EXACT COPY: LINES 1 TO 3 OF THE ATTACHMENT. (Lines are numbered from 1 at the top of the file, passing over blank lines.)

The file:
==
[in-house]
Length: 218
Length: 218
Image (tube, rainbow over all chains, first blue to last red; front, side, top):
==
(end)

[in-house]
Length: 218
Length: 218